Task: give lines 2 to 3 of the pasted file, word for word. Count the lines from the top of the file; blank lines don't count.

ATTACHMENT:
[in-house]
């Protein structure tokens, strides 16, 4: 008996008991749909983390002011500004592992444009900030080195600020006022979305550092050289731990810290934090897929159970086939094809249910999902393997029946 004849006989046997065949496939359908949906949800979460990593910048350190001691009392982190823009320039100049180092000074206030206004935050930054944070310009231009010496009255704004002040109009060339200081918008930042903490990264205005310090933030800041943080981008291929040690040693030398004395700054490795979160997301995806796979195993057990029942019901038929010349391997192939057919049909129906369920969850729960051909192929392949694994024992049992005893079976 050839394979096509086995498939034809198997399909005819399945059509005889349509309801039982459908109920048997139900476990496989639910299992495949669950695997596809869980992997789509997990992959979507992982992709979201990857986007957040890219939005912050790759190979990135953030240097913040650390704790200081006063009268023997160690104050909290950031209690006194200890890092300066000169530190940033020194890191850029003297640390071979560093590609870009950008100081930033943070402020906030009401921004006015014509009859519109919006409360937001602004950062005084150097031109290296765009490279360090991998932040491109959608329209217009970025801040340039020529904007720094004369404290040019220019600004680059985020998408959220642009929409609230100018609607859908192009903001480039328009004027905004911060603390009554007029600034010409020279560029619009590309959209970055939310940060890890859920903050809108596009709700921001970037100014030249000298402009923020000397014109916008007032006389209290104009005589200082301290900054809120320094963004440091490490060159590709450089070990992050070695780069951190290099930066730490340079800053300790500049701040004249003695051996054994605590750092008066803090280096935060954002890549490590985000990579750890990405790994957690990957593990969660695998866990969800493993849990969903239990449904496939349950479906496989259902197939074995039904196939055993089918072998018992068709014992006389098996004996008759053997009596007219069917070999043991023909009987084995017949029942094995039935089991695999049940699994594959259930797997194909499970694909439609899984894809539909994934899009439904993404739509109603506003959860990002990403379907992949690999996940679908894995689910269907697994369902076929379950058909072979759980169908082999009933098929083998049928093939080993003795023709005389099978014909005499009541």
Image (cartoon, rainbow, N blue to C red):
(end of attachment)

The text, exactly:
């Protein structure tokens, strides 16, 4: 008996008991749909983390002011500004592992444009900030080195600020006022979305550092050289731990810290934090897929159970086939094809249910999902393997029946 004849006989046997065949496939359908949906949800979460990593910048350190001691009392982190823009320039100049180092000074206030206004935050930054944070310009231009010496009255704004002040109009060339200081918008930042903490990264205005310090933030800041943080981008291929040690040693030398004395700054490795979160997301995806796979195993057990029942019901038929010349391997192939057919049909129906369920969850729960051909192929392949694994024992049992005893079976 050839394979096509086995498939034809198997399909005819399945059509005889349509309801039982459908109920048997139900476990496989639910299992495949669950695997596809869980992997789509997990992959979507992982992709979201990857986007957040890219939005912050790759190979990135953030240097913040650390704790200081006063009268023997160690104050909290950031209690006194200890890092300066000169530190940033020194890191850029003297640390071979560093590609870009950008100081930033943070402020906030009401921004006015014509009859519109919006409360937001602004950062005084150097031109290296765009490279360090991998932040491109959608329209217009970025801040340039020529904007720094004369404290040019220019600004680059985020998408959220642009929409609230100018609607859908192009903001480039328009004027905004911060603390009554007029600034010409020279560029619009590309959209970055939310940060890890859920903050809108596009709700921001970037100014030249000298402009923020000397014109916008007032006389209290104009005589200082301290900054809120320094963004440091490490060159590709450089070990992050070695780069951190290099930066730490340079800053300790500049701040004249003695051996054994605590750092008066803090280096935060954002890549490590985000990579750890990405790994957690990957593990969660695998866990969800493993849990969903239990449904496939349950479906496989259902197939074995039904196939055993089918072998018992068709014992006389098996004996008759053997009596007219069917070999043991023909009987084995017949029942094995039935089991695999049940699994594959259930797997194909499970694909439609899984894809539909994934899009439904993404739509109603506003959860990002990403379907992949690999996940679908894995689910269907697994369902076929379950058909072979759980169908082999009933098929083998049928093939080993003795023709005389099978014909005499009541």
Image (cartoon, rainbow, N blue to C red):